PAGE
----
There is no doubt that this is difficult when we are triggered in a conflict situation because we are generally more concerned with being understood and heard ourselves.  Learning to rise out of that reactive state and be able to listen to others has the potential to significantly increase leadership skills and ability of employees.  Teaching employees to consciously practice empathy in conflict situations has a direct impact on the confidence and self esteem of those employees which starts to translate to their leadership skills in other areas.

>Listening Skills

We can never overestimate the impact of effective listening in conflict situations.  Deep listening creates empathy with the benefits outlined above.  It also enables clarity which is so crucial but so often lost in conflict situations.  Without effective listening, it is very easy for individuals to fall back into our negative “fantasies” which feed our resentments. 

>Acceptance of mistakes

Very early on in a disagreement, we take positions.  These positions can be broadly summarised as “I’m right and you are wrong”.  The more we attach ourselves to those positions, the more entrenched we become in them.  It also becomes much harder when we take that stance, to focus on common interests and needs which are the things that have the potential to form the basis of agreement.  When we can admit our mistakes and allow ourselves to move away from our position, we are able to move, much more easily, in a direction where we can find room for compromise.

Step 3: Embed a Culture of Early Conflict Resolution
Where an organisation can embed a culture of Early Resolution that creates a framework within which the skills outlined above can be used, the potential to develop trust and therefore engagement, is significant.  A culture of Early Conflict Resolution focusses on:

>Empowerment through personal responsibility
>A learning culture
>Absence of blame and shame

The grievance and disciplinary process can encourage a blame/shame culture because in order to “succeed” in that process, one party needs to be wrong and the other “in the right”.  Although, establishing right and wrong is important, an organisation also needs to provide frameworks that allow both parties to take responsibility for their own actions and let go of blame.  This can happen through:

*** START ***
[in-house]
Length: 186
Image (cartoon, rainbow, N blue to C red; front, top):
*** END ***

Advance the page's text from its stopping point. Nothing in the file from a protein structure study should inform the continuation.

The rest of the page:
>Establishing mechanisms for Peer Coaching and “safe conversations”

>Providing managers with mediation skills where they can effectively and, as impartially as possible, manage issues between individuals and negotiate solutions

>Integrating mediation within the culture of an organisation as a solution for sharper end challenging conversations

By doing this, the organisation effectively says “We know and accept that sometimes we are going to have tricky conversations.  We will help you to have these conversations and to find a route through them”.  It also enables the individuals within the organisation to recover more effectively from the impact of challenges and mistakes and accept them as such.

Conflict has the power to build or destroy.  When seen as an opportunity and met with the right response and infrastructure, it can, and should be harnessed as a valuable vehicle for resilience and engagement.

Author of The 7 Principles of Conflict Resolution & Mediator & Trainer at The Conflict Resolution Centre